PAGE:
In the last year, around 50 battery storage projects have been commissioned in the UK, providing around 500MW of capacity, according to National Grid’s ‘Future Energy Scenarios’ report.
Similarly, the UK Battery Storage Project Database Report also predicts that up to 500MW of large-scale battery storage will be added to the grid during 2019, increasing overall capacity by over 70%.
There are currently nearly 800MW of projects at the under construction or ready to build stage, expected to start within the next 12 months, it says.
Grow by £6 billion
Bloomberg reports Britain’s battery market will grow by £6 billion by 2030, driven by the need for 13GW of flexible power and an ‘energy shift’ in storage assets, such as batteries, to help balance the grid and integrate increasing flows of intermittent renewable power in the transition towards a low carbon economy.
It also points out, as well as falling prices, batteries are finding new revenue streams as markets mature. They now have management systems enabling a multitude of applications, including:
Most importantly, they facilitate ‘stacked revenues’, combining all project revenues and savings in terms of payback period and whether it will pass hurdle rates of IRR and ROI for investors, according to a report by Aurora Energy Research.
For organisations that have either already invested in on-site generation or are considering doing so, battery storage provides an ideal supplementary technology by allowing for excess generated power to be stored for later use or at times of more expensive power. If the on-site generator is renewable then this allows more of the zero-carbon energy to be used on-site, which displaces less green grid electricity and helps to further reduce the site’s carbon footprint.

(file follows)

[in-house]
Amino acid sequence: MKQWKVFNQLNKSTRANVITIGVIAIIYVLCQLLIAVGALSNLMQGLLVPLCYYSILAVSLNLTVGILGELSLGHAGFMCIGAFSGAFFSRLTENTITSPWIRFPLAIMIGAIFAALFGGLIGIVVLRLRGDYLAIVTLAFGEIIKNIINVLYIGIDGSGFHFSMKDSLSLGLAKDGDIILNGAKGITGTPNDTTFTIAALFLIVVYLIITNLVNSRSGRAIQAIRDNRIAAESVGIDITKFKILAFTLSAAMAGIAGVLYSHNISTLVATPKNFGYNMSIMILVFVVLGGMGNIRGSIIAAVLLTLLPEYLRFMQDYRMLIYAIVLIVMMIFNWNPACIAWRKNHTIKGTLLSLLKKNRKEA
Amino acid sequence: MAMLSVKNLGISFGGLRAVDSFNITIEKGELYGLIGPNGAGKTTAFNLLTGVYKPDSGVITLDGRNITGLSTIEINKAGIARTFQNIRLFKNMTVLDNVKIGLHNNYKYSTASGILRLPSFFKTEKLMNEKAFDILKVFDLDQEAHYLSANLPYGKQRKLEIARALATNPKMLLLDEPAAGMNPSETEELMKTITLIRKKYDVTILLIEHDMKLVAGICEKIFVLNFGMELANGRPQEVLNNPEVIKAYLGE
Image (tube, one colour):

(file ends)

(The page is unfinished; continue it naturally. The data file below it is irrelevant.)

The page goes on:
Uncertainty on peak charge avoidance
Battery storage allows energy to be purchased at lower cost during off-peak times and stored for use during expensive peak periods, avoiding ‘time of use’ charges, such as Red Band Distribution Use of System (DUoS) charges and, in the winter the capacity market levy and TNUoS (Triad) charges. However, the business case needs to consider some risks that could impact on paybacks for such projects;
For businesses that require on-site back up generation to keep critical equipment functioning in the event of a power cut, the power cut of 9th August this year was a real wake-up call, with at least one hospital seeing it’s back-up generator fail to start. Battery storage can fulfil this role in its entirety, or provide a useful bridging function to maintain energy supply while back up generation comes online.
It can also provide valuable emergency power in the event of an unplanned shutdown, keeping critical technology running long enough to facilitate a safe shutdown, protecting both equipment and data. They also present a far more environmentally-friendly back-up solution than more commonly used diesel generators.
To find out more about how battery storage will impact on your future relationship with energy and the benefits it can offer your business, speak to our experts on: 08451 46 36 26